Perspectives: In Tech We Trust—Until We Don’t


Most readers of this magazine remember life before technology—before iPhones, laptops and the internet. We carried cash and wrote checks instead of swiping a card. We listened to music on the radio or played records on the stereo. No one had ever heard of Google and robots were only in the movies. Sometimes I wonder how we survived.

But as vital as technology is in all sectors of our world today, it’s important to retain a human touch, especially where customer service is involved.

A case in point: Eric Ekstrand, MAS, of HALO Branded Solutions; Steven Meyer, MAS, of RiteLine, both former PPAI board chairs, and I were at Reagan National Airport in Washington, D.C., in May, getting ready to head home following PPAI’s Legislative Education and Action Day. We had about an hour before our flights departed, so we slipped into a sit-down restaurant for a quick dinner.

At each place setting was a small touchscreen—it replaced the waiter. In an ideal world, the diner would tap the screen, pull up the menu, select a burger or whatever, tap to go to the cart, pay and then go back to dinner conversation. Technology is wonderful—when it works. But not in this case.

After several taps and misstarts, Steven and I finally managed to order and pay for our dinner using the device—even though the system added an automatic 18 percent tip for the privilege of dining at this restaurant. But Eric’s device was inoperable. It only displayed part of the menu, would not allow him to select the items he wanted and kept restarting. We all tried to troubleshoot the problem without success. Flagging down a human being at the restaurant to help him was useless. There were only a couple of food delivery people who buzzed by tables dropping plates of food in front of people. Finally, after repeated attempts and much frustration, Eric got the device to take his order and credit card.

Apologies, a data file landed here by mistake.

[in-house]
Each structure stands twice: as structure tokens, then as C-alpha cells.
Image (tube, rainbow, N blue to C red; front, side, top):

We knew this was not the way it should go. Technology should make life easier and more streamlined for people, not cause them stress and grief. All the man wanted was a salad!

Finally, our food was delivered, but Eric’s salad was missing the dressing. More attempts to flag down a human finally resulted in a promise to bring the omitted dressing. Minutes ticked by as Steven and I dug into our dinner—and Eric waited not so patiently.

Being steeped in providing assistance to PPAI members regardless of the need or situation, I stood up, walked back to the kitchen door and retrieved the plastic portion cup of dressing.

I’m certain this was not the dining experience the owners of this establishment wanted their customers to have. Likely, the self-order devices were supposed to make it fast and easy to grab a quick bite on the way to one’s gate, but that was not our experience. How nice it would have been for a person to have stopped by the table to see how the food tasted and to check if we needed anything else. Then that automatic 18 percent tip would have been earned.

I’m all for technology—shopping and banking online, apps, fitness trackers, smart-home devices, bring it on—but it needs to be intuitive and easy to operate. When it doesn’t work as intended, people need a trained human being who can step in and solve the problem.

Your customers will remember the experience of working with you. Make it a positive one.

––––––––––––––––––––––––––––––––––––––––––––––––––––––––––––––––––––––

Tina Berres Filipski is editor of PPB.

Read time:
words
Comments (0)
Leave a reply